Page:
# Tikz Nodes Positions and Shapes with a General Number of Nodes

My purpose is rather simple: use tikzpictures to draw tables of numbers, where the numbers are drawn inside colored boxes with fancy shapes, with different shapes and colors for different numbers. Below I boxed numbers according to whether they were odd, even, or prime (and treated 1 as a special number).

The idea is to use the colors and shapes to spot patterns. My original plan was to use this to teach prime numbers, but I have since thought of other things that could be fun to do.

As I'm new to tikz (a few days on it only), there are still some basic things that are eluding me. Here are the improvements and alterations I'd like to make on the basic table displayed below.

1. Resize the shapes to approximately the same "size"

There are several interpretations of what that might mean, any reasonable one will be fine. Right now, the boxes adapt to the size of the numbers, with single-digit numbers having small boxes, two-digit numbers larger boxes, and three-digit numbers even larger. I'd like the numbers to shrink rather than the boxes. You can also see that I had trouble getting the star shape to align with the other shapes. I did fool around with anchor, inner sep and outer sep, but that's all I know of at this time.

2. Control the direction in which the numbers are running

I am asking this as a separate question, by popular demand: Tikz Nodes Order and Shapes with a General Number of Nodes

To be clear, I will be generating tables of different sizes, some with 10 numbers, some with 100 numbers, possibly more, some with longer rows, some with longer columns, and I'd like the shapes to resize automatically and proportionately.

I haven't thought through the choice of shapes and colors, it's a first pass. Feel free to beautify ;-)

This is the code so far:

\RequirePackage[svgnames,x11names]{xcolor}
\documentclass[tikz,convert=false,margin=0pt]{standalone}%
\usetikzlibrary{shapes.geometric}% polygon, ellipse, star, diamond, etc.
\usepackage{tkz-euclide}% \pgfmathisprime command
\usepackage{rotating}% sideways environment

\begin{document}%
\begin{tikzpicture}[%
every node/.style = {
shape = circle
, align = center
, scale = 2
, anchor = base
, font = \fontfamily{pzc}\selectfont% common font
} ,
% Prime Numbers
PrimeStyle/.style = {
regular polygon
, regular polygon sides = 3
, rounded corners = .5em
, inner sep = 0pt
, outer sep = 0pt
, draw = DarkGreen, thick
, fill = green!70!black
, text = white
} ,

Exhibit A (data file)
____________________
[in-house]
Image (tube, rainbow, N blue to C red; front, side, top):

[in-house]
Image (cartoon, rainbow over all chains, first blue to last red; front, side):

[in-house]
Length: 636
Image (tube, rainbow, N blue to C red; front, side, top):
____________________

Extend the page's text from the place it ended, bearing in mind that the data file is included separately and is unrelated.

% Even Numbers
EvenStyle/.style = {
shape = circle
, inner sep = 2pt
, draw = DarkRed, thick
, fill = red!70!black
, text = white
} ,
% Non-Prime Odd Numbers
OddStyle/.style = {
shape = diamond
, rounded corners = .5em
, inner sep = 1pt
, draw = DarkBlue, thick
, fill = blue!70!black
, text = white
} ,
% Number One
OneStyle/.style = {
shape = star
, rounded corners = .5em
, inner sep = 2pt
, scale = 0.9
, draw = white!70!black, thick
, fill = blue!50!green!50!
, text = black
}
]%
%
% Set Grid Dimensions
\newcommand{\xa}{1}
\newcommand{\xb}{10}
\newcommand{\ya}{1}
\newcommand{\yb}{10}
\pgfmathsetmacro{\yc}{\yb-1}% \yb minus one
%
% Change styles of numbers according to set membership
\foreach \x in {\xa,...,\xb}
\foreach \y in {\ya,...,\yb}
{\pgfmathtruncatemacro{\label}{\x - \xb * (\y - \yb) }
\pgfmathparse{int(mod(\label,2))}
\let \r \pgfmathresult
\ifnum \r = 1
\tikzset{EvenStyle/.style = {OddStyle}}
\fi
\pgfmathisprime{int(\label)}
\let \s \pgfmathresult
\ifnum \s = 1
\tikzset{EvenStyle/.style = {PrimeStyle}}
\fi
\pgfmathparse{int(\label)}
\let \t \pgfmathresult
\ifnum \t = 1
\tikzset{EvenStyle/.style = {OneStyle}}
\fi
\node [EvenStyle]  (\x\y) at (1.5*\x, -1.5*\y) {\label};}
\foreach \x in {\xa,...,\xb}
\foreach \y [count = \yi] in {\ya,...,\yc}
\draw (\x\y)(\x\yi) (\y\x)(\yi\x) ;
\end{tikzpicture}%
\end{document}%

% doesn't work, why?
% \foreach \k in {1,2,3,5,7,11,13}
%  \tikzset{EvenStyle/.style = {PrimeStyle}} ;


This is the immediate predecessor to this question: Looking for Elegance and Convenience in Code with Many Numbers where Harish Kumar showed me how to write general code using foreach loops.

This is where I learned of a slightly different way of defining the grid: Selecting specific nodes and changing style (for those nodes)

This is where I learned about the \pgfmathisprime command from the tikz-euler package: How to produce a list of prime numbers in LaTeX

Here I saw one of several examples where I learned how to use ifnum with int and mod and \pgfmathparse : How to use mod operation in latex with tikz

-
You have quite a few questions in here. It would be better if you would split them into different questions which might be use to others are well. For instance, I can't think of any reason, why #1 can not be a standalone question, having nothing to do with this table. – Peter Grill Feb 2 '14 at 17:32
Thanks Peter. Yes they are distinct questions. Question 1 is my main problem right now, but I thought it would be dealt with quickly, probably some command I don't know about, so I thought I would ask Question 2 in the same breath. Question 3 was an afterthought, perhaps I should remove it altogether. The reason I'm asking Question 1 in the context of a large table is because I've had no alignment problems in much smaller tables (if you follow my first link, you'll see there 2 by 2 tables where there is no alignment issue. – PatrickT Feb 2 '14 at 17:37
Also, it might easier to see patterns if there was a specific pattern/color that would identify each group. For example: circles for even, triangular shapes for odd, and colors for distinguishing between prime/composite. So 1 would be a triangle shape, but since it is neither prime nor composite, it could use a different color. Or any other combination of these, but there really should be an easy way to identify a group. I don't see such an obvious pattern in the above. – Peter Grill Feb 2 '14 at 17:39
Yes, I agree and that's what I did try. Unless I'm mistaken I have: red circles for even numbers, blue diamonds for non-prime odd numbers, and green triangles for prime numbers, with the number 1 having a color that is supposedly half-green and half-blue and a shape that is my best shot at being half-triangle and half-diamond. Obviously a better job can be done since you didn't see that! Oops, my bad. – PatrickT Feb 2 '14 at 17:53